“I don’t think it matters,” Rush said.

Young was quiet as he worked a stubborn knot in Rush’s right shoulder. “I think how you feel may matter a lot,” he said. “I think it may determine what happens to you. In the end.”

“Possibly,” Rush whispered.

“So,” Young said. “How do you feel?”

He couldn’t see Rush’s pained half smile, but he could feel it through their link.

The scientist’s thoughts were a disturbed swirl of images—hurt and raw with people running through them in simultaneous strings of interrelated memories like a tangle of threads. A sense of guilt, of regret, of entrapment bloomed in Young’s thoughts and faded as it flowered. Nothing took hold, other than the memory of effort toward an ever-narrowing goal.

“Like I’m doing my best,” Rush said.

“Yeah.” Young shut his eyes and dug his hands into Rush’s shoulders.

After a day and a half of preparations, Young sat in the central command chair on the bridge, waiting for Destiny to find an orphan star that met the criteria specified by Rush. Wray, at his elbow, was briefing him on Colonel Telford’s latest round of bullshit.

“Telford wants Rush on record in defense of his position.” Wray kept her voice low. “He seems to think Rush will back him.”

Young rubbed his jaw. “See, I don’t—”

They dropped from FTL.

Wray steadied herself against the unpleasant sensation with one hand on the command chair.

“Here we go.” Volker squinted out the forward view at the yellow star that took up a large portion of the visible spacescape. Beside it was a planet, one side lit up bright white, the other side shrouded in darkness.

Young pulled out his radio. “Scott, scramble your team. Launch when ready.”


At the forward station, Chloe pulled in a breath. Slowly, she got to her feet. The light of the star put highlights in her hair and shone off her engagement ring. On her way past, Young squeezed her shoulder. She gave him a wan smile.

“You got this, Chloe.” Volker’s eyes tracked her as she headed for the doors.

She didn’t answer.

“Uh.” Brody stood, then crossed the bridge to stand at Volker’s shoulder. “That’s no moon.”

“It’s a space station,” Volker said, in a tone of quiet revelation.

“Guys,” Young growled. “Star Wars quotes are only allowed when they’re not misleading. Unless—”

“Nope,” Volker said. “Sorry. It’s definitely just a planet.”

Young pulled out his radio. “Park, Eli, get up here as soon as the shuttle’s away.” Young shot a wave of inquiry at Rush.

//Preparing the startup sequence.// Rush sent him a brief visual of Scott and Greer, coupled with a wave of irritation at their inefficient console work. //We’ll launch when Chloe’s aboard.//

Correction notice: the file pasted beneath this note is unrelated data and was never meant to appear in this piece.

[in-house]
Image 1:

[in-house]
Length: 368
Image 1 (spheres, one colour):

//Be careful.// Young drove the words into the scientist’s thoughts.

//Yes yes. Don’t rearrange anything in your mind.//

//Pull all your shit forward, you mean?//

//Yes. That. Don’t do it.//

//It’s not a conscious strategy, Rush.//

Mostly. Mostly, it wasn’t a conscious strategy.

//Yes, well. Make an effort this time? I’m bored of fixing it.//

//Bored? You’re ‘bored’ of fixing it?//

//It’s tedious.//

//You’re a lot of work.//

//But I’m worth it.//

Young smirked. “Guys. What’ve we got?” He turned to Volker and Brody. “What’s the story with this planet?”

“It’s orbiting close to its parent star.” Volker studied the readouts in front of him. “Close enough that, yup, it’s tidally locked, which explains why it stuck with its star when it was ejected from its galaxy.”

“Any life down there?” Young asked.

“No way,” Volker said. “Tidally locked planets—”  he broke off. “Aaaaaaaaand, forget what I was about to say! I’m picking up signs of civilization in the twilight band.” He looked up at Young.

//Interesting,// Rush commented in the back of his mind. //Tell Volker to specify.//

“Specify,” Young snapped.

Volker and Brody exchanged a significant look.

Young shot a wave of irritation at Rush, and then said added, “please,” in a more reasonable tone.

“So, in the habitable band we’ve got vegetation, we’ve got a lot of—oh boy. Yup, I’m reading naquadah-based structures. It’s not exactly naquadah? It’s an alloy; I can’t tell you much more than that. I’m getting no power readings though. These are probably ruins.”

Young breathed a sigh of relief. “Nothing on short-range right?”

“Yup,” Volker confirmed. “We’ve got nothing.”

“Keep scanning the planet,” Young said. “We might as well learn what we can about it.”

“It doesn’t seem like the nicest place,” Volker replied. “Tidal forces have made it seismically unstable, and the upper atmosphere is a seething mass of ionizing radiation. I’m reading massive meteorological disruption. Huge, continent-sized storms. Thick atmosphere.”

“Hey people!” Eli burst onto the bridge, his laptop and notebook tucked under one arm. “I heard we have a tidally locked planet? Has anyone named it, because if not, I vote for Ryloth or Twi’lek, that is capital ‘Twi,’ apostrophe, ‘lek,’ which, as you may or may not know is the—”

“It’s tidally locked?” Park followed Eli onto the bridge. “I hate tidally locked planets.”

“Number one, that’s a lie because you hate nothing,” Eli replied, “and number two, even if you did hate something, tidally locked planets?  That’s like the weirdest thing to choose.”

“They have earthquakes,” Park said, “and, as I think I’ve told you guys—”

“Yeah yeah, broken glass, bleeding feet, trauma trauma. We know,” Eli said. “Is the shuttle away yet?”

“Not yet,” Young said. “What’s our current trajectory?”

“We’re at low impulse, heading toward the star.” Park slid into Chloe’s station. “A planet in orbit changes our approach vector.”